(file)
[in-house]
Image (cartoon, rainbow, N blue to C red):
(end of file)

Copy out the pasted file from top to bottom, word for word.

[in-house]
Image (cartoon, rainbow, N blue to C red):